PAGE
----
Monthly Archives: July 2014

“Change is Inevitable. Progress is Optional”

-Tony Robbins

This quote if true both in our own lives and the world around us.


My fellow Freedom Fighters and friends of Red Thread Movement,

I would like to personally thank everyone who has been a part of Red Thread Movement thus far! YOU have taken an idea, a hope, a dream, and made it a reality. YOU have given time, money, and your talents to free girls halfway around the world! I am in awe of the things you have accomplished and am encouraged daily by your passion and commitment.

Over the past two years, I have had the absolute privilege of working with all of you while serving as Red Thread Movement Director. It has been a great joy to grow alongside Red Thread Movement, but the time has come for me to make a transition to be closer to my family, and I will be stepping down as RTM Director. I will continue to be a strong advocate for Red Thread Movement, Eternal Threads, and the fight against slavery and I hope to see it continue to flourish!

That is why I am pleased to announce that Abby Youngblood will be my successor. Abby graduated from ACU with a Masters in Social Work and wrote her thesis on the contributing factors of sex trafficking.  After graduation, Abby came to work for Eternal Threads. Earlier this year, she returned from an extended stay with our partner in Nepal and has been avidly learning the ins and outs of the director’s position for several months now. I expect great things from her!

It has been an honor working with all of you; the Eternal Threads board, staff, and volunteers, our RTM partners, and every advocate that raises their voice to bring freedom and justice to all! You are all heroes in my book.

Thank you again for your courageous commitment to freedom and Red Thread Movement. We will not forsake them!

For Their Freedom,

Breahna Jordan


*Photo taken during our trip in Nepal

Dear Friends of Red Thread Movement,

We at Eternal Threads miss Breahna already!  Her drive and commitment to empower women helped our organization grow immensely. It will be difficult to fill Breahna’s shoes!

I am honored to be the new Red Thread Movement Director. During my time in Nepal, I lived in a safe home and I work closely with the staff to mentor girls who lived there.  I learned countless things about the organization, trafficking, the culture, and myself, and consider it a privilege to have had that opportunity. It’s one thing to get an education; it’s another thing to live it.

I am excited about the future of Red Thread Movement. Please join me in the fight for freedom, one girl at a time!

Freedom for All,

Abby Youngblood

RTM Director


Sewing Machines for Rescued Girls


Every rescued girl has a story. Every rescued girl has a dream.

Living in a safe home after being rescued is life-changing in countless ways. The girls are nurtured and cared for in a strong community of mentors. However, this alone is not enough to prepare them for the transition back to their home communities. The girls also need skills training as well as assistance in starting their businesses after leaving the safe home. Part of this assistance is receiving a sewing machine.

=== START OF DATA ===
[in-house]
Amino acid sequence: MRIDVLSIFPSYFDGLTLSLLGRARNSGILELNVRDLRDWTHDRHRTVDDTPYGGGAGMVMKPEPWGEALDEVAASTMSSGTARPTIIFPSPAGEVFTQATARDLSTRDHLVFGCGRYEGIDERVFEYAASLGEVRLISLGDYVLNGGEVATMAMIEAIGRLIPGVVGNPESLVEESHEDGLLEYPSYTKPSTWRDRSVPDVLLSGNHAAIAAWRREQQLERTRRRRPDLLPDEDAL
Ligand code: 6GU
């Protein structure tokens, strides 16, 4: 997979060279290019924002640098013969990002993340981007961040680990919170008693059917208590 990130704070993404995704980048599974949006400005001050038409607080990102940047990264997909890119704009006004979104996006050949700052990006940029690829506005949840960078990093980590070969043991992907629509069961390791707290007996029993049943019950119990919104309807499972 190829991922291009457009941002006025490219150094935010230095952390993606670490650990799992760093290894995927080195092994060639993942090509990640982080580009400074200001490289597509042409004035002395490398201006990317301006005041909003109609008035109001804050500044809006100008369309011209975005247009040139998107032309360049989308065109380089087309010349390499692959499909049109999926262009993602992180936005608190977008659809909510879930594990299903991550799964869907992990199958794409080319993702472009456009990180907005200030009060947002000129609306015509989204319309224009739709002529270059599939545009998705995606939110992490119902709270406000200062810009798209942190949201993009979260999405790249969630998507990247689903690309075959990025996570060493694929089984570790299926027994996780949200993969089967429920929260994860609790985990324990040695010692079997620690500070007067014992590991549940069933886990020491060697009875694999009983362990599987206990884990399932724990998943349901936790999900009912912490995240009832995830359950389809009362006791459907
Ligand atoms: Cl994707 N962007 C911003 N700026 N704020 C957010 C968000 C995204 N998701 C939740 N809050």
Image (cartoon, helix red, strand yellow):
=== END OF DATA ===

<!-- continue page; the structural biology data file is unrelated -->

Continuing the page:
Recently a project was launched through K.I. Nepal, raising funds to provide 80 sewing machines to assist girls in this transition. The project is called the CHELI project (Community, Health, Education and Livelihood Improvement Program), and the purpose is simple: provide a tool for the girls to make a life-sustaining income. K.I. Nepal is also sending the girls to their communities in teams of two or three. This is helpful on several levels. Girls have each other to provide support and community so that the chances for success in their business is greatly heightened. This crucial step finishes the three part journey of walking with a girl through recovery.

The following is a story about a young Nepalese woman named Rita:

Rita grew up in a poor but loving family. As there were few job opportunities for women in her village, she traveled with two friends to India to look for work. Nepalese girls, especially from rural areas, often think that India will provide job opportunities. Even though Rita was able to find work in India, she was exposed to violence and abuse. One day K.I. Nepal staff stopped her and heard her story of hardship. After meeting with them, she decided to go to a safe home to learn a trade. Rita has flourished in sewing and beautician training, and will be graduating soon. Because of her training, Rita will receive a sewing machine from K.I. Nepal and return to her village with another rescued girl to start their own business.

*Name changed for protection

Help Rita and numerous girls like her be successful by providing funds for sewing machines through